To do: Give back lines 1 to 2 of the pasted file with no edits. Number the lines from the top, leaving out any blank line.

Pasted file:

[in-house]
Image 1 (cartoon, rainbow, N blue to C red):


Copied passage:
[in-house]
Image 1 (cartoon, rainbow, N blue to C red):